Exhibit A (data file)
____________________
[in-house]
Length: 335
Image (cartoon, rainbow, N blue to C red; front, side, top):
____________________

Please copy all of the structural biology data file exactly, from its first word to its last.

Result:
[in-house]
Length: 335
Image (cartoon, rainbow, N blue to C red; front, side, top):